[Ripon Cathedral, by Sian Lawton] A longstanding mystery about the purpose of the cross shaped arrow slits in the battlements of Ripon Cathedral [in Yorkshire, England] appears to have been partly solved following an onsite visit of two archery specialists, although the results have led to more questions.
Guy Wilson was formerly Master of the Armouries at the Royal Armouries Museum in Leeds and Chairman of the International Committee of Museums and Collections of Arms and Military History from 2002 until 2010. A former colleague, John Waller, is a world authority on historic combat and a noted fight director having directed combat sequences in many films and stage and opera productions in addition to being an advisor to major archaeological sites, notably the Mary Rose and the Towton battlefield. Both volunteered to take a longbow and a crossbow to the battlements at the request of the cathedral’s archaeologist, Liz Humble, who is also Director at Humble Heritage Ltd.
“It has long been thought that the arrow slits had been placed into the battlements in the early fourteenth century to defend what was then Ripon Minster against a series of attacks by the Scots army of Robert the Bruce. They besieged Ripon in 1318 when the Minster held out for three days before a ransom was paid after threats to burn the whole town,” said Liz.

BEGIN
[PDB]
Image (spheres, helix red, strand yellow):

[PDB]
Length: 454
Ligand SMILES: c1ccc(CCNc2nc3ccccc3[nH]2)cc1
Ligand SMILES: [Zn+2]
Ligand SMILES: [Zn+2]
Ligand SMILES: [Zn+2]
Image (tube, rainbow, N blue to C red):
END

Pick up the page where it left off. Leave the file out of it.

“However, there is an alternative explanation that the slits were never intended to be used and were purely decorative features or were designed as sham defences to give an impression of extra strength.”
Guy and John proved that the arrow slits could not have been used to defend the cathedral because the pitch of the medieval roof and its proximity to the slits meant that archers could not have stood far enough away at the correct angle to draw a longbow or use a crossbow.
Liz commented: “That seems conclusive but in solving the bigger mystery, we have uncovered a smaller one to which none of us has an answer. That is the question of why the arrow slits have been elaborately chamfered on the inside (normally done to enable an increased field of view for archers) as in this case it appears to be unnecessary and expensive. Was it because the masons wanted to show off their expertise, had the masonry been reused from another building, or was it perhaps done to the greater glory of God? We shall probably never know.”